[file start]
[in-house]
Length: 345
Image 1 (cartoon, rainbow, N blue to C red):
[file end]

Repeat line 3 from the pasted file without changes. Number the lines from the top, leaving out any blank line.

Image 1 (cartoon, rainbow, N blue to C red):